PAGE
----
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Andrew Bogut played just 14 minutes in Australia’s meeting with Spain on Sunday.
The Dallas Mavericks center and Australian pivot, who plays such an integral role at the heart of the Boomers’ offensive and defensive systems, battled foul trouble throughout the bronze-medal game in the men’s basketball tournament at the 2016 Summer Olympics in Rio de Janeiro; he fouled out with 7:54 remaining in the third quarter of a game that his Boomers would lose, 89-88, with Philadelphia 76ers guard Sergio Rodriguez hitting the winning free throws after a questionable foul call against the San Antonio Spurs’ Patty Mills on a late drive:
“I tried to get something off the penetration,” Rodriguez said after the game, according to News.com.au. “I saw Pau [Gasol] coming on the left and I tried to make a basket. I have to check on the screen, but that’s what the referee called. I know during the game there were many fouls the referees didn’t call on our side.”
That, as you might expect, is not how Bogut saw it.
After the brutal loss, which marked the fourth time in four trips to the Olympic semifinals that Australia has failed to come away with a medal, the eternally brash and forthcoming center pulled no punches in chastising game officials Ilija Belosevic, Steven Anderson and Roberto Vazquez for what he believed to be a whistle tilted against the Boomers and in favor of La Roja. From Reuters:
“It’s unbelievable,” said the Australian centre, Andrew Bogut. “You just dive into guys recklessly and get calls like that. It’s tough to play like that. We’re disappointed. We had a horrible semi-final, we battled tonight and times we were outnumbered on the court.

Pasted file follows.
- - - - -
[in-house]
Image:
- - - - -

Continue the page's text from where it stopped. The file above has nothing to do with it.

“You touch one of these guys and they go flying and the refs buy it. The last two fouls were tough on us.”
… and from Fox Sports Australia:
“The call on Patty towards the end comes three seconds after the ball hits the rim, so [the referees] are obviously thinking about something,” said Bogut, who is undecided on his playing future with the national team.
“It’s disappointing it had to go that way and the play before that, [Australian power forward] Aron Baynes gets an arm-bar foul in a one-point game with 20 seconds left. It’s absolutely ridiculous.”
Bogut also blasted the the call that saw him fouled out, accusing Spain’s Ricky Rubio of taking a “Superman dive”.
“The referees bought it, as usual,” Bogut said. “They’ll look back at the tape and see how obviously bad they were.
“When you blatantly dive into someone and fall over, that’s a tough way to play. I don’t blame Spain. If the referees are calling it, you keep doing it.”
While you might disagree with Bogut’s chosen method of unloading his frustration – which is to say, with both barrels and without remorse to the first set of microphones and recorders he came across – it’s hard to fault him for being so upset after his team came so close to snaring the ever-elusive first Olympic medal in men’s hoops … and, especially, after having to watch it because of an early DQ.